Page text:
Does this help at all to clear up the human freedom issue wrt evolution?

  10. Cal says:

    If solo were an adjective modifying Scriptura, you’d be correct in saying it is bad grammar. However, in Latin, if an adjective stands on its own it is implied that it is referring to someone, usually a non-descript male.

    Ex. Sapiens is “Wise” but left on its own, it would be translated “Wise Man” or “Philosopher”

    While I think the term was written as a counter to a flawed way of arguing Sola Scriptura, one way of translating solo Scriptura would be “Scripture by man alone” or “Scripture for man alone” or even “Scripture for the lone man”

  11. Jon Garvey Jon Garvey says:

    Classical forum #n

    I’ve misled Gregory by being too tired to have checked my Latin sources and my memory of Latin grammar correctly (a new blog will explain the faitigue shortly!). The real quotation casts full light on what I meant in the first place. Here’s the lowdown on reforming, Reformation style.

    “Semper reformans” is actually, like a number of other dog-Latin variants, modern and misleading. It’s a Latin gerund, meaning “always reforming”. But the actual motto from the Reformers is this: Ecclesia reformata semper reformanda secundum verbum Dei.

    Being interpreted, that means, “The Church reformed, and always being (or obliged to be being) reformed according to the word of God.” This excludes both the “once sorted, always sorted” error of the conservatively traditional, and the “perpetual revolution” idea of the liberals that the Church must change itself to keep up with the times.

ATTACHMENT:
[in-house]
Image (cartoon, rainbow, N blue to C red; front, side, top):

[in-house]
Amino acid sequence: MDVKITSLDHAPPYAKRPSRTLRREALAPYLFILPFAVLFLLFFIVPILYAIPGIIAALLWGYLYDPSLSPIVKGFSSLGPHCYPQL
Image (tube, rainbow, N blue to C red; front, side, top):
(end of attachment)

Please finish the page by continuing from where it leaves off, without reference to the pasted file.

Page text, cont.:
Sola scriptura means the continued primary authority of the Bible as God’s living word to us, which is what Martin Luther meant when he wrote: “The Bible is alive, it speaks to me, it has feet, it runs after me, it has hands, it lays hold on me.” (Heb 4.12-13, note). Implied in that is the Holy Spirit both as author and interpreter – a postmodern “no meaning except in the mind of the interpreter” it is not.

  12. Cal says:

    Jon:

    Like a lot of classical terms, Canon is always good. It is the measuring stick provided to test what angels and men have to say in regards to our Crucified God who is Lord over all.